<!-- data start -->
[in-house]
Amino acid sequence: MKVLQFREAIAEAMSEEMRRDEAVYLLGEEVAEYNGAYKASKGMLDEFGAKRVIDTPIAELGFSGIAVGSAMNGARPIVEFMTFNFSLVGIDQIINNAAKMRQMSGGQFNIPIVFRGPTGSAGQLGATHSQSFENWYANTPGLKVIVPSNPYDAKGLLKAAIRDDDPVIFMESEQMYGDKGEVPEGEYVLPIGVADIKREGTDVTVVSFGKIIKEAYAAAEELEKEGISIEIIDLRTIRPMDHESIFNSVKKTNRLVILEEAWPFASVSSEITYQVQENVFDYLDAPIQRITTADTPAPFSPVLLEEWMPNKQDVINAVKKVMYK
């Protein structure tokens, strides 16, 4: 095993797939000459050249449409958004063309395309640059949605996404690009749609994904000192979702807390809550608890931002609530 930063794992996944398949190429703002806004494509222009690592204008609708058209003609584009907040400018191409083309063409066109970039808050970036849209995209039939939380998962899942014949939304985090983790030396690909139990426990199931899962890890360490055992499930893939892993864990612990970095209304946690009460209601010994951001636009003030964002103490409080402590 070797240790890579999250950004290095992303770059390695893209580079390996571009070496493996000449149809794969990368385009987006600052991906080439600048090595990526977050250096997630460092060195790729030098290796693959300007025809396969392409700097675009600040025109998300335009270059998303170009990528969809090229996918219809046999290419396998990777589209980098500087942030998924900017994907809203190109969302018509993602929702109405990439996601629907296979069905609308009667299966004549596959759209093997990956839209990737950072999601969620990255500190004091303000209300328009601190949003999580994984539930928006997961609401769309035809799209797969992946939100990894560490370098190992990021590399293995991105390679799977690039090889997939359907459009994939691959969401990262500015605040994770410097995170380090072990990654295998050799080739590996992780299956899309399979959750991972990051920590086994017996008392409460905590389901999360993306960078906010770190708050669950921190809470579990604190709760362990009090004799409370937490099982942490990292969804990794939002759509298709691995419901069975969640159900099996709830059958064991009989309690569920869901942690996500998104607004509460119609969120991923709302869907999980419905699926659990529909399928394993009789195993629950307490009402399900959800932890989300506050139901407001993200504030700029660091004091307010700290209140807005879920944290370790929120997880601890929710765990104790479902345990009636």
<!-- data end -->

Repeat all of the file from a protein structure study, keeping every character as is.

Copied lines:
[in-house]
Amino acid sequence: MKVLQFREAIAEAMSEEMRRDEAVYLLGEEVAEYNGAYKASKGMLDEFGAKRVIDTPIAELGFSGIAVGSAMNGARPIVEFMTFNFSLVGIDQIINNAAKMRQMSGGQFNIPIVFRGPTGSAGQLGATHSQSFENWYANTPGLKVIVPSNPYDAKGLLKAAIRDDDPVIFMESEQMYGDKGEVPEGEYVLPIGVADIKREGTDVTVVSFGKIIKEAYAAAEELEKEGISIEIIDLRTIRPMDHESIFNSVKKTNRLVILEEAWPFASVSSEITYQVQENVFDYLDAPIQRITTADTPAPFSPVLLEEWMPNKQDVINAVKKVMYK
């Protein structure tokens, strides 16, 4: 095993797939000459050249449409958004063309395309640059949605996404690009749609994904000192979702807390809550608890931002609530 930063794992996944398949190429703002806004494509222009690592204008609708058209003609584009907040400018191409083309063409066109970039808050970036849209995209039939939380998962899942014949939304985090983790030396690909139990426990199931899962890890360490055992499930893939892993864990612990970095209304946690009460209601010994951001636009003030964002103490409080402590 070797240790890579999250950004290095992303770059390695893209580079390996571009070496493996000449149809794969990368385009987006600052991906080439600048090595990526977050250096997630460092060195790729030098290796693959300007025809396969392409700097675009600040025109998300335009270059998303170009990528969809090229996918219809046999290419396998990777589209980098500087942030998924900017994907809203190109969302018509993602929702109405990439996601629907296979069905609308009667299966004549596959759209093997990956839209990737950072999601969620990255500190004091303000209300328009601190949003999580994984539930928006997961609401769309035809799209797969992946939100990894560490370098190992990021590399293995991105390679799977690039090889997939359907459009994939691959969401990262500015605040994770410097995170380090072990990654295998050799080739590996992780299956899309399979959750991972990051920590086994017996008392409460905590389901999360993306960078906010770190708050669950921190809470579990604190709760362990009090004799409370937490099982942490990292969804990794939002759509298709691995419901069975969640159900099996709830059958064991009989309690569920869901942690996500998104607004509460119609969120991923709302869907999980419905699926659990529909399928394993009789195993629950307490009402399900959800932890989300506050139901407001993200504030700029660091004091307010700290209140807005879920944290370790929120997880601890929710765990104790479902345990009636």